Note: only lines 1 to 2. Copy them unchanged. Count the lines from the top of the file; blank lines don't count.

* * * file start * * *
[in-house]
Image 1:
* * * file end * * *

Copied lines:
[in-house]
Image 1: